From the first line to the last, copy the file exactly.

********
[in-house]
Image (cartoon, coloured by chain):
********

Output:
[in-house]
Image (cartoon, coloured by chain):